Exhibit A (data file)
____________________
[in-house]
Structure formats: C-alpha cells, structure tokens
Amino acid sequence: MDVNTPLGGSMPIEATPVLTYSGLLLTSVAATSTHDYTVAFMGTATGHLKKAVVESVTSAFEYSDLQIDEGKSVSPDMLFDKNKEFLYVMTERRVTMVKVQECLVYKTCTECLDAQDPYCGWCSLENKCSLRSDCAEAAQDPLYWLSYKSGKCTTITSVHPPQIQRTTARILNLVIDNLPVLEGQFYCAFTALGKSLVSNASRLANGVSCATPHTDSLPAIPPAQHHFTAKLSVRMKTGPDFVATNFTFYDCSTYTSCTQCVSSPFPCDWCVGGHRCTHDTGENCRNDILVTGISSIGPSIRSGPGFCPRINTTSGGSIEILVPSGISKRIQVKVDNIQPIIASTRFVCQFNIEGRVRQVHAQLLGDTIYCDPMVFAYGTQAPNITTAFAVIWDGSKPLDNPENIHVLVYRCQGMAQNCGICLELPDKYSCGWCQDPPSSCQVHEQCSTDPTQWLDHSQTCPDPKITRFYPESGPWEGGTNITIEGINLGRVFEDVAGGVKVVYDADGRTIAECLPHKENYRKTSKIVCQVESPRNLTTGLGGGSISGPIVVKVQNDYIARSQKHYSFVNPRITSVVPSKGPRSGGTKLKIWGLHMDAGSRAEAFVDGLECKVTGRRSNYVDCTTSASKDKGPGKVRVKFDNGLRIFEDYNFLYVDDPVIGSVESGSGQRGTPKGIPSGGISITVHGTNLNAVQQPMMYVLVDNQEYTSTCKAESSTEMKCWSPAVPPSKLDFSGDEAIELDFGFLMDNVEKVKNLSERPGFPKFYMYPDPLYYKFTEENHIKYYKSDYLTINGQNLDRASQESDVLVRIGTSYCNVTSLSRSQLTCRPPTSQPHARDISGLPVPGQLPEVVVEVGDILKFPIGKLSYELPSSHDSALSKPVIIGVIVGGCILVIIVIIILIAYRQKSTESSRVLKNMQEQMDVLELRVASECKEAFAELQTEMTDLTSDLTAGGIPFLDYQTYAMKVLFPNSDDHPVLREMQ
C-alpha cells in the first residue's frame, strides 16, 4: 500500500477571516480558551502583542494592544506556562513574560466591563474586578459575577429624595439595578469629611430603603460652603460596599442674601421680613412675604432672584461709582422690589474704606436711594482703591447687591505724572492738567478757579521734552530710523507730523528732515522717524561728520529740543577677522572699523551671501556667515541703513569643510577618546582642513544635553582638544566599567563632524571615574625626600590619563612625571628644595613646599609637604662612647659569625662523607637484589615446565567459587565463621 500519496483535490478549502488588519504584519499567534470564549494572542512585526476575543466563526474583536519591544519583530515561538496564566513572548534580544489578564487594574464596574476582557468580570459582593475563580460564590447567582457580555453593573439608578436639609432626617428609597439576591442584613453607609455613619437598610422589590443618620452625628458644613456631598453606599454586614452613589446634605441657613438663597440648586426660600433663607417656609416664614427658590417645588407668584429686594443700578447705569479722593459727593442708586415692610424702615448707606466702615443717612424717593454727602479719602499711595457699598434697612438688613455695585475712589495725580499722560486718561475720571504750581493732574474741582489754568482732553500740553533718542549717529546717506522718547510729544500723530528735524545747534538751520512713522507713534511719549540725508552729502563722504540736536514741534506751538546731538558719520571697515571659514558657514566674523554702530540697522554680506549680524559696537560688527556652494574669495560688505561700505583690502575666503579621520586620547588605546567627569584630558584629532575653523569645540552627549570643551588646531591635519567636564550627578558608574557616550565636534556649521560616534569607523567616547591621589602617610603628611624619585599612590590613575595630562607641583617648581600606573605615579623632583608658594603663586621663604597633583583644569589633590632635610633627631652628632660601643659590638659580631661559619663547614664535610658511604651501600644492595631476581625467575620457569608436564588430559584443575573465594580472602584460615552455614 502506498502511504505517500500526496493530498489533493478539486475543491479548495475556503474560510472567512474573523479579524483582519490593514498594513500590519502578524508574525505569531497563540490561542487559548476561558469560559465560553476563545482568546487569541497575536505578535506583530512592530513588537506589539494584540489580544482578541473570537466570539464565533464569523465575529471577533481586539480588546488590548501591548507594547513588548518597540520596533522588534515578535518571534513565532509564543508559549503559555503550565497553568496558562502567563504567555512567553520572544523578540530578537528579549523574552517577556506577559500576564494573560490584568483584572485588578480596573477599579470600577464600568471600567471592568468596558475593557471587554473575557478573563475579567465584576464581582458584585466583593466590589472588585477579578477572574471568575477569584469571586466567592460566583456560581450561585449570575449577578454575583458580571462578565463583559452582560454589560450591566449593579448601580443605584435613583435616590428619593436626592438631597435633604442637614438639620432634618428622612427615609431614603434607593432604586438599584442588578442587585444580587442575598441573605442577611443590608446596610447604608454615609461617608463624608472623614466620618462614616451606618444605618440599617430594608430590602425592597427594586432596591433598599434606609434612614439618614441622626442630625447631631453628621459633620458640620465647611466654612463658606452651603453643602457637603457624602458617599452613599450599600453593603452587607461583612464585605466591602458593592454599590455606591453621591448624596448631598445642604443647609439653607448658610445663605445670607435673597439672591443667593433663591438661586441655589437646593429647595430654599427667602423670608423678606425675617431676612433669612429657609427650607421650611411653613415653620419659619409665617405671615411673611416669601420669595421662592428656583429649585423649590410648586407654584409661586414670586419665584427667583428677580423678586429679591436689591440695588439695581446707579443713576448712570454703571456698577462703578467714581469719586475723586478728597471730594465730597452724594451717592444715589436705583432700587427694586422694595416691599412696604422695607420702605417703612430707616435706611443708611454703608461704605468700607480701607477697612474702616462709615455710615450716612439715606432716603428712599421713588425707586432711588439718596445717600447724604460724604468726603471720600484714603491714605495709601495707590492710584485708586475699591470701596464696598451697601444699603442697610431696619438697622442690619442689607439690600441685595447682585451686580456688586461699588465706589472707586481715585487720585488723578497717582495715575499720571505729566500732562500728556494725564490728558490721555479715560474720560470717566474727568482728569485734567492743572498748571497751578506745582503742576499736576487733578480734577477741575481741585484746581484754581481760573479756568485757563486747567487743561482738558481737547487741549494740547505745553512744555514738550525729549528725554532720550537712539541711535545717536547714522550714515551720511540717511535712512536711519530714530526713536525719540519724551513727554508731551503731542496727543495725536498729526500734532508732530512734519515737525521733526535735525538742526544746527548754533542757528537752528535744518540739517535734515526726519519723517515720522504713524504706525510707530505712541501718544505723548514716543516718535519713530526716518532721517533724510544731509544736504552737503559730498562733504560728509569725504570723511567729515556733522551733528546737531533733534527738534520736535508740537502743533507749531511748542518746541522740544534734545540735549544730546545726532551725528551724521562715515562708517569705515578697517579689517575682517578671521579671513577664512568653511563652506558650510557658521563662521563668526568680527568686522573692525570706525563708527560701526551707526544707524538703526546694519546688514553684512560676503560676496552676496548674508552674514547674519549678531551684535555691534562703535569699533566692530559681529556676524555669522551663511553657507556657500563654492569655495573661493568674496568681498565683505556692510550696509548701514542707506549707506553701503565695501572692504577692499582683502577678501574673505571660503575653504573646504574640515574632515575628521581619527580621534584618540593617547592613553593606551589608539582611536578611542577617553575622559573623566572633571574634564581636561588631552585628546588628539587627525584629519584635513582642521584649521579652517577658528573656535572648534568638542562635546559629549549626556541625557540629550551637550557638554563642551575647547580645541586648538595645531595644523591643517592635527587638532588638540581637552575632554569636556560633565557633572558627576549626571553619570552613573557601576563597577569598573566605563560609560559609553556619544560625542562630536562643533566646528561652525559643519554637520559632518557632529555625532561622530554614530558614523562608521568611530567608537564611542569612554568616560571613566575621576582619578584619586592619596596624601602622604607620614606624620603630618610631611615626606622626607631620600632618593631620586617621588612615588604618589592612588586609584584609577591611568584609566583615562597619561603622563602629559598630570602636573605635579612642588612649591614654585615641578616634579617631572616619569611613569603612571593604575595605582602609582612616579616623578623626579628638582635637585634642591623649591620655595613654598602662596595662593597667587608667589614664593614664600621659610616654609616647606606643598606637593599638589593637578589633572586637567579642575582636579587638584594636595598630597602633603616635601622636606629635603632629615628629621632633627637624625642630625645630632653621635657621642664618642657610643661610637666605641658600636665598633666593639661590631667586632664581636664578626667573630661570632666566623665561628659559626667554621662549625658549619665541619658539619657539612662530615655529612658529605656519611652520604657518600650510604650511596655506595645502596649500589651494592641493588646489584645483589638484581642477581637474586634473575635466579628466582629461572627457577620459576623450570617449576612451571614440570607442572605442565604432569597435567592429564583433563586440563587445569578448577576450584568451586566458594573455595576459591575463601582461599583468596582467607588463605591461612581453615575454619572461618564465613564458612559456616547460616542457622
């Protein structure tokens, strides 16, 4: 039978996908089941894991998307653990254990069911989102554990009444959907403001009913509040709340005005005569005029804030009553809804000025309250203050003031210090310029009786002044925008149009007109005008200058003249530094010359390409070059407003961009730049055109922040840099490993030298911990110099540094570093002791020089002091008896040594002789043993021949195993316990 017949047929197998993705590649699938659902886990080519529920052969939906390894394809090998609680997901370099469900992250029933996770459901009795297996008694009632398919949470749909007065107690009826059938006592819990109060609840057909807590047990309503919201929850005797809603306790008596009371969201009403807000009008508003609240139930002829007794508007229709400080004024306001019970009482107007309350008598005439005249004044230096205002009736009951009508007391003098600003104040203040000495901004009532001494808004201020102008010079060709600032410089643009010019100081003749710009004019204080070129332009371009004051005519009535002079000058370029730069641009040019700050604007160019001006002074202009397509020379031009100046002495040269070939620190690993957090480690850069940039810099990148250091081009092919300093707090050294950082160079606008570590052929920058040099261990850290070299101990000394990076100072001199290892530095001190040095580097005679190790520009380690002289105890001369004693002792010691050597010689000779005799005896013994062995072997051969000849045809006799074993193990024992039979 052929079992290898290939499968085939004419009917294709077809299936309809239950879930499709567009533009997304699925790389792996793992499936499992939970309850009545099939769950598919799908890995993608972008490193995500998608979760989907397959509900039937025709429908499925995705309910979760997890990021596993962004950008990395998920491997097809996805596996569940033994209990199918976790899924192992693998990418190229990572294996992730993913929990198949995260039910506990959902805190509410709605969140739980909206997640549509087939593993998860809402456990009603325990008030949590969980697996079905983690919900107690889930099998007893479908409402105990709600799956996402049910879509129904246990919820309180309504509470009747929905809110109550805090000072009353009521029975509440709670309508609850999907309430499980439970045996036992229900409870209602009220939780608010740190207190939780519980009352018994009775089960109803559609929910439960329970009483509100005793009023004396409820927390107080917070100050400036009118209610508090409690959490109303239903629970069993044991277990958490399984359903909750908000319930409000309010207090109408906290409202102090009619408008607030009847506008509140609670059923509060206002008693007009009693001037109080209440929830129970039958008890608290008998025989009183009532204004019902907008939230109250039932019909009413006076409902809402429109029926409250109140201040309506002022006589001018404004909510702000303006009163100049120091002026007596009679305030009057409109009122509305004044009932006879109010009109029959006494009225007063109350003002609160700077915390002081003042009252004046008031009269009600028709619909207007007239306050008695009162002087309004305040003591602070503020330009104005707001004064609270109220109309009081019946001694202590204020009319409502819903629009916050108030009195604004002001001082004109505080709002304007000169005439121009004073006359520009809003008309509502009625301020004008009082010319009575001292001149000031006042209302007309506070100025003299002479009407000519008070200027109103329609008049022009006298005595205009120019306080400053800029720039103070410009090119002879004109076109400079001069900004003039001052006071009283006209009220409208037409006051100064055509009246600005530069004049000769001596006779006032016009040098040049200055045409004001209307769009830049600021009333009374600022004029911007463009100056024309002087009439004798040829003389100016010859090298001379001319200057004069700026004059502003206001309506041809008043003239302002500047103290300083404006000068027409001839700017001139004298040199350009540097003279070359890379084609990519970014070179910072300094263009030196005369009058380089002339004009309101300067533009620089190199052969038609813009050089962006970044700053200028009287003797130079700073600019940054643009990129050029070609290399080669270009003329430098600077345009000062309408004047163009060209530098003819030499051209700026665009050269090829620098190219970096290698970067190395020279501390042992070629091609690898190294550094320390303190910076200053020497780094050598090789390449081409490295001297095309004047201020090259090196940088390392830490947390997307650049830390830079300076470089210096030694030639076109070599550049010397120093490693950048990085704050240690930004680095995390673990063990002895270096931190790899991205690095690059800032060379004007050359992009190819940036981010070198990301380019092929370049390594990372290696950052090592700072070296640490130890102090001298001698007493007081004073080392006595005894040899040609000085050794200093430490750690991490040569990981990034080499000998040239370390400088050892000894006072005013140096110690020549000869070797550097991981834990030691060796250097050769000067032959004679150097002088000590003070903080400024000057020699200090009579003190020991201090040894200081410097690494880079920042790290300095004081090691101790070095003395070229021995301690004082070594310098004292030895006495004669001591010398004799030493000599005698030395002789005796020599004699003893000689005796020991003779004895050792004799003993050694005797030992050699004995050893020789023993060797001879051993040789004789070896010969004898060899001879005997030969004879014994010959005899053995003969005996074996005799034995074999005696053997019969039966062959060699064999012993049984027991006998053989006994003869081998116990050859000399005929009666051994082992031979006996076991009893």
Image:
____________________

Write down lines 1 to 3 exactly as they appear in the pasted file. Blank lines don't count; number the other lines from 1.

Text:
[in-house]
Structure formats: C-alpha cells, structure tokens
Amino acid sequence: MDVNTPLGGSMPIEATPVLTYSGLLLTSVAATSTHDYTVAFMGTATGHLKKAVVESVTSAFEYSDLQIDEGKSVSPDMLFDKNKEFLYVMTERRVTMVKVQECLVYKTCTECLDAQDPYCGWCSLENKCSLRSDCAEAAQDPLYWLSYKSGKCTTITSVHPPQIQRTTARILNLVIDNLPVLEGQFYCAFTALGKSLVSNASRLANGVSCATPHTDSLPAIPPAQHHFTAKLSVRMKTGPDFVATNFTFYDCSTYTSCTQCVSSPFPCDWCVGGHRCTHDTGENCRNDILVTGISSIGPSIRSGPGFCPRINTTSGGSIEILVPSGISKRIQVKVDNIQPIIASTRFVCQFNIEGRVRQVHAQLLGDTIYCDPMVFAYGTQAPNITTAFAVIWDGSKPLDNPENIHVLVYRCQGMAQNCGICLELPDKYSCGWCQDPPSSCQVHEQCSTDPTQWLDHSQTCPDPKITRFYPESGPWEGGTNITIEGINLGRVFEDVAGGVKVVYDADGRTIAECLPHKENYRKTSKIVCQVESPRNLTTGLGGGSISGPIVVKVQNDYIARSQKHYSFVNPRITSVVPSKGPRSGGTKLKIWGLHMDAGSRAEAFVDGLECKVTGRRSNYVDCTTSASKDKGPGKVRVKFDNGLRIFEDYNFLYVDDPVIGSVESGSGQRGTPKGIPSGGISITVHGTNLNAVQQPMMYVLVDNQEYTSTCKAESSTEMKCWSPAVPPSKLDFSGDEAIELDFGFLMDNVEKVKNLSERPGFPKFYMYPDPLYYKFTEENHIKYYKSDYLTINGQNLDRASQESDVLVRIGTSYCNVTSLSRSQLTCRPPTSQPHARDISGLPVPGQLPEVVVEVGDILKFPIGKLSYELPSSHDSALSKPVIIGVIVGGCILVIIVIIILIAYRQKSTESSRVLKNMQEQMDVLELRVASECKEAFAELQTEMTDLTSDLTAGGIPFLDYQTYAMKVLFPNSDDHPVLREMQ